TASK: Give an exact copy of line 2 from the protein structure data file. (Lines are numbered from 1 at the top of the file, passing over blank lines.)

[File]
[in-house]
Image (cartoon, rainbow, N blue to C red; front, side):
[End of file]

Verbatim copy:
Image (cartoon, rainbow, N blue to C red; front, side):